“My Father always drilled it in to me that there is nothing free in life and that you have to work hard to get what you deserve out of life. I have a saying that ‘A dream doesn’t become a reality through magic, it takes sweat, determination and hard work.’
That was Mr Stuart Chappell, Area General Manager of Corinthia Hotel St George’s Bay, Marina Hotel and Radisson Hotel St Julians.
Insider Plus was thrilled to have a close look at this gentleman. It was soon clear that he is a solid character with a humane disposition. A tough worker with a beating heart. Hard work had not made him hard. It has moulded him into an outgoing wholesome person.
“Believe it or not I actually started working in my parents hotel when I was 9 years old! They were just chores to me at that time and my Father and I used to spend every evening preparing food for the following day. I used to help out washing dishes, cleaning rooms and used to run errands to the butcher and shops every day. As I grew up, one of my favourite jobs was taking my barrow, a converted old pram, to the station on a Saturday to welcome our visitors off the bus and bring their suitcases back to the hotel which was a 20-minute walk. As I grew older of course I did more things, started to cook, serve behind the bar, so it was a natural progression to go to college and gain some theoretical knowledge on the hotel industry. My Father was a coal merchant and that was my first preference but he persuaded me not to follow him; with hindsight it was a good decision!”
So what was his route to management of hotels? Mr Chappell emphasised that the best grounding to become a General Manager is to start from the bottom and work in all departments. That makes you knowledgeable, empathise, discern, and decide wisely.
“My first management role was Duty manager at The Grand Hotel Brighton, England where I stayed for 9 years, working up to the Deputy General Manager role. At the age of 29, I was General Manager of a 200 bedroom 4-star Hotel in Coventry, England. A year later, I was General Manager of my first 5-star hotel, De Vere Grand Harbour Hotel, Southampton, England. Then in 2001 I joined Marriott International, first at Heathrow then moved to Central London. Six years later, in 2007 I was General Manager of the then largest hotel in the UK, the Cumberland Marble Arch, London. 2010 proved a great experience for me when I moved to Beijing, China, to open a 500 bedroom 5-star hotel. Then Corinthia entered into my life.”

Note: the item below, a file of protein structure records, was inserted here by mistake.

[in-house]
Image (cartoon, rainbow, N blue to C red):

How did he join Corinthia? Mr Chappell smiled, “I was persuaded by the then CEO Tony Potter who I had known for many years.” So from far away China, Mr Chappell’s next posting was Malta, where in 2011 he joined Corinthia as General Manager of Corinthia St George’s Bay, to become Cluster General Manager of Corinthia St George’s Bay and Marina Hotel in 2015 and later adding to his responsibilities by becoming Area General Manager of Corinthia Hotel St George’s Bay, Marina Hotel and Radisson Hotel St Julians in 2017.
Insider Plus was curious to see what would be a normal day’s work as Area Manager. Mr Chappell shook his head at the words’ normal day’s work’
“Nothing is normal; that is why I have enjoyed it so much for the past 40 years. However, there is some sort of routine to my day. Firstly I will normally check all the overnight emails and reports, especially checking the night manager’s handover and report. Then I would walk the public areas and the back of the house to check if all is well and greet guests and team members. At about 10.00 I would go through the Morning Briefing and discuss the business of the day and any issues arising. Naturally, I would have other meetings and appointments with clients or suppliers and with the team. At Lunch time I would walk around overseeing the goings on, and that would lead me to my afternoon meetings. I remain always hopeful to find a short time for the gym. Again an evening walk around. Dinner probably 2 or 3 nights a week. As I am responsible for the 3 properties here in St George’s Bay it is important that I spend time in all of them at some stage so I tend to alternate the start of my day between them.
That is quite a full programme for a normal day. What would a hectic day be?
“More time required on the floor meetings and dealing with guests’ queries and requests. Unfortunately, there are days when there are too many meetings!”
Mr Chappell was quick to clarify that he does not mind a tough day but he would miss engaging. “The true art of a Hotelier should be to engage with our customers and staff. Unfortunately, this is sometimes overtaken by financial pressure, reporting deadlines etc. The best enjoyment I get from my job is meeting clients and speaking to our people, feeling the pulse of what is going on, what is required or expected, and act. I feel one of the most important elements of my leadership is for my team to know I understand their needs and that I am there to support them in any way”